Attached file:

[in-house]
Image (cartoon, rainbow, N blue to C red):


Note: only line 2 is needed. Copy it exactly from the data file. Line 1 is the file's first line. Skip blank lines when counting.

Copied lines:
Image (cartoon, rainbow, N blue to C red):